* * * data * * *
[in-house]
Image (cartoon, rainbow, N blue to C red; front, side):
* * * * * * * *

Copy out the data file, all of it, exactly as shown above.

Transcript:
[in-house]
Image (cartoon, rainbow, N blue to C red; front, side):